Writing in 1961 to a teacher who had sent her an interpretation of "A Good Man is Hard to Find" that she found especially misguided, Flannery O'Connor described that story as "a duel of sorts between the Grandmother and her superficial beliefs and the Misfit's more profoundly felt involvement in Christ's action which set the world off balance for him." (1) In general, critics have directed their efforts to explaining how the grandmother attains her "moment of grace" when she reaches out to touch the Misfit's shoulder. (2) Few critics have tried to explain the Misfit's part in the duel or how he is involved in Christ's action. The Misfit is in fact a fully developed character with intelligible motives. He is also a prophet, albeit a misguided one, like Hazel Motes in Wise Blood and the two Tarwaters in The Violent Bear It Away. If we consider the Misfit m the light of O'Connor's view of the role of the prophet, we see that he is not a monster, but a tragic figure, the victim of what O'Connor regarded as a profound misunderstanding of the relation between humanity and God.
"A Good Man Is Hard to Find" ranks high on the short list for most violent finales in American literature. Held at gunpoint, an elderly grandmother clutches her handkerchief and blurts out one last cry of despair: "I know you wouldn't shoot a lady!" (The Complete Stories 131-32). Leave it to Flannery O'Connor to amuse readers by pumping a granny full of lead, then handing over her pet cat to the man behind the trigger. It is Southern gothic at its best, and O'Connor pulls the whole thing off with deadpan humor. Apparently certain feminist critics take O'Connor completely seriously. Sarah Gordon, for one, winces from the violence targeted at the grandmother and her female characters more generally. (1) To her credit she spots the stock image for womanhood "embedded in the grandmother's consciousness, preoccupied as she is with ladylike appearance and with Tara-like plantations." While Gordon admits that "O'Connor was rebelling against that silly image," what she fails to grasp is the grotesque violence has more to do with hostility to clichés than cruelty to women (Gordon 13). By the 1950s the Southern belle had circulated widely as an iconic figure in both literary and popular culture. The grandmother's unseemly exit, more than anything else, bids good riddance to a worn-out type for fictional heroines.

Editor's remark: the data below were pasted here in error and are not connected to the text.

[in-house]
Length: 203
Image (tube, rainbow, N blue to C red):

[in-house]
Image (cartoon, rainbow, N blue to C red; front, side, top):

"A Good Man Is Hard to Find" is Flannery O'Connor's most famous and most discussed story. O'Connor herself singled it out by making it the title piece of her first collection and the story she most often chose for readings or talks to students. It is an unforgettable tale, both riveting and comic, of the confrontation of a family with violence and sudden death. More than anything else O'Connor ever wrote, this story mixes the comedy, violence, and religious concerns that characterize her fiction. This casebook for the story includes an introduction by the editor, a chronology of the author's life, the authoritative text of the story itself, comments and letters by O'Connor about the story, critical essays, and a bibliography. The critical essays span more than twenty years of commentary and suggest several approaches to the story--formalistic, thematic, deconstructionist-- all within the grasp of the undergraduate, while the introduction also points interested students toward still other resources. Useful for both beginning and advanced students, this casebook provides an in-depth introduction to one of America's most gifted modern writers.
The form of the genre, as well as the various ways in which it has evolved, is highlighted along the way with a display of the essential nuts and bolts of storytelling-- plot, character, setting, style, point of view, and theme. A mix of critical approaches will also be brought in to enhance analysis and interpretation and to explore some of the ways we judge and evaluate short fiction.
There are thirty-one stories here in all, including twelve that do not appear in the only two story collections O'Connor put together in her short lifetime--Everything That Rises Must Converge and A Good Man Is Hard to Find. O'Connor published her first story, "The Geranium," in 1946, while she was working on her master's degree at the University of Iowa. Arranged chronologically, this collection shows that her last story, "Judgement Day"--sent to her publisher shortly before her death is a brilliantly rewritten and transfigured version of "The Geranium." Taken together, these stories reveal a lively, penetrating talent that has given us some of the most powerful and disturbing fiction of the twentieth century.
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